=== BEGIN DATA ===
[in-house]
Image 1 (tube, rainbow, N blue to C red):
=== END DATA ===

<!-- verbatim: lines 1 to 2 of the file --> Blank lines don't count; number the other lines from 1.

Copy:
[in-house]
Image 1 (tube, rainbow, N blue to C red):